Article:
Q4 Q5 Q6 Q7 can be matched pairs, like BCM850/860, these are cheap.

If there is too much offset variation due to self-heating in the input stage, you can wire the amplifier in inverting mode which will keep the input stage Vce constant, and switch the cascode base voltage to minus a few volts instead of -12V.

X5 is the VAS transistor. I picked a FET because it has high open loop gain at DC, and its SOA is also nice. You can use a 700V NPN but if you want a SOA larger than one milliamp at 600V then you'll have to pick a pretty large, low hFe transistor which means it will need a darlington to have enough gain. Or you can cascode it.

D1 protects the FET gate against overvoltage on negative clipping. R20 protects it against overcurrent. If you use BJTs instead, drop the zener and the resistor and put a Baker clamp diode between B and C. And double check the SOA.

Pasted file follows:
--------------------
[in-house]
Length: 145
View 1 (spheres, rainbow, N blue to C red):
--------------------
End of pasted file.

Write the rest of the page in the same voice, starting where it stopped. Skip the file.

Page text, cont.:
M4 is a DN2470 wired as 1mA current source. I used DN2540 spice model which is wrong, so the resistor value is also wrong.

X2 and X3 are FQA24N50 FETs that are only rated to 500V but I had the model. Use 900V FQA6N90C instead. It should be faster.

X3 is our single-ended drive transistor. D2 protects its gate against overvoltage (both positive and negative) and Q8 protects against overcurrent. Set R19 to a suitable value, Imax = Vbe/R19.

C3+R18 is a zobel for stability, may not be necessary.

X2, Q1 make the current source to bias it in single ended class A. Zener D3 is required to protect the gate from overvoltage on negative clipping. Idle current is Vbe/R6, here 50mA.